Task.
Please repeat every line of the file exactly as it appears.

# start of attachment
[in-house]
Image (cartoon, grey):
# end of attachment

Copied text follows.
[in-house]
Image (cartoon, grey):